28 Nov 2016 2 min read

The Peak of Man (Utd)

By James Carrick

Just as footballers peak with age, US trend growth has been dragged down by babyboomers stagnating as they enter their 50s. An ageing population means the US economy, like Man Utd, is ‘Wayning’, with its best days behind it.


What is the peak age for a footballer? According to some great number crunching by statsbomb.com, forwards peak at age 25. This might explain why Man Utd are struggling with their ageing talismans Rooney and Ibrahimovic who are 31 and 35 years old respectively, while Liverpool are enjoying great success with a trio of prime-aged forwards (Firminho 25, Coutinho 24, Mané 24).

I cite these two examples as I’m a Liverpool fan while Justin loves Man Utd, so it’s been great fun winding him up on our marketing trips this season!

It’s not just footballers who peak with age, we all do. Academic research suggests our physical characteristics top out in our mid 20s while our mental attributes peak a decade later. This is reflected in the amount of money we earn as we age (according to a brilliant blog piece by the New York Fed).

Real wages (and broadly speaking productivity) rise rapidly in our 20s, before slowing in our late 30s and then stagnating/declining as we head into our late 40s.


Why does this matter? Because it partly explains why US trend growth has probably halved to 1½%. Not only does an ageing population mean we’re running out of workers (see Donald’s Demographic Difficulties), but it is also a drag on productivity.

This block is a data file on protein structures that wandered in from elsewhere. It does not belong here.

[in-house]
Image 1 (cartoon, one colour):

The peak birth rate (baby boomers) was in the late 1950s. So the average level of productivity would have been dragged down in the 1970s as these inexperienced school leavers entered the labour force. But aggregate productivity would have been lifted in the 1980s and 1990s as they matured. Unfortunately, these workers are now in their 50s and like Wayne Rooney (and hopefully Man Utd as a whole), past their prime.


We estimate a peak-to-trough drag on productivity growth of 0.9% between 1988 and 2011 due to ageing. For more details, please see the full article “When I’m 64”. This is the second blog post based on that report and the next one will look at the amount of slack in the labour force.

James Carrick

Global economist

James is a global economist with a knack for using analogies to explain economic concepts. He is a techno-optimist and an early adopter. He enjoys building models - both of the economy and robot Lego ones with his son. He also likes crunching data and chocolate bars. He joined in 2006 from the number-one ranked economics team at ABN AMRO with prior experience at HM Treasury.

James Carrick